The preference remains getting them while they’re fresh, though — with some writers going to extraordinary lengths to report out blockbuster obituaries before they happen.

The Post’s Bernstein set out more than two years ago to memorialize the life of Annabel Battistella Montgomery, who under the stage name of Fanne Foxe played a role in one of the defining Washington sex scandals of the 1970s. An Argentine-born exotic dancer, she had an affair with the powerful Arkansas congressman Wilbur Mills that came to light after she jumped into the Tidal Basin during a 1974 police stop of their car.

But Montgomery retreated quickly from the spotlight, shunning the press for the next four decades. In February, Bernstein happened to spot a small paid death notice in the Tampa Bay Times that had been placed by her family; he spent a weekend calling dozens of funeral homes to attempt to confirm her death before tracking down her death certificate through the coroner’s office — allowing him to break the news of her death.

While attempting to report another advance obituary five years ago, New York Times reporter Robert D. McFadden made a startling discovery: His subject was already dead.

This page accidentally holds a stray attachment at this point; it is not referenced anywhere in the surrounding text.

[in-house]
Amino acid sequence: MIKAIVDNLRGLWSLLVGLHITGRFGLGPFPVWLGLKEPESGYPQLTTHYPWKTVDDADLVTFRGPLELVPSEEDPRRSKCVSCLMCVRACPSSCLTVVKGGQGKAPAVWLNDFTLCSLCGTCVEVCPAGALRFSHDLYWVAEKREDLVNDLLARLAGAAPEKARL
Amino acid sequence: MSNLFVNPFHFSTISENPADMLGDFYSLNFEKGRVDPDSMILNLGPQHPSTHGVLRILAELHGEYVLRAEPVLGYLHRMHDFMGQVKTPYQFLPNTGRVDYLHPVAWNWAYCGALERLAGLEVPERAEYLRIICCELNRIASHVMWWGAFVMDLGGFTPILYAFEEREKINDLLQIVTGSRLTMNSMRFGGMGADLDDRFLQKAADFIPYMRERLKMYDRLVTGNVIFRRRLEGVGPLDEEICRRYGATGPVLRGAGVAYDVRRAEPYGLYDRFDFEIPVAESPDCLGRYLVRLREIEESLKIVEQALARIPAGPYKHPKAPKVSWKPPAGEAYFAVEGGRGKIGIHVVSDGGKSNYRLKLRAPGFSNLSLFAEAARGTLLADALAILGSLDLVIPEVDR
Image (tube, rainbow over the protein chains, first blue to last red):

Donald W. Duncan was a Green Beret who served in Vietnam before becoming a leader in the antiwar movement. Hoping to find more about his life, McFadden instead stumbled across a brief obituary of a man by the same name, published in 2009 by a small Indiana newspaper. The clip didn’t mention anything about Duncan’s role as a war critic, but other biographical details aligned. McFadden tracked down Duncan’s daughters, who confirmed that the man in the Indiana obit was the antiwar activist.

So the Times published Duncan’s obit in 2016 — seven years after his death.

“The thinking was, we would have written about Mr. Duncan immediately after he died had we known, so we should apply the same standard now,” wrote McDonald, the obituaries editor. “His death, in a sense, was still news, and his story still deserved to be told.”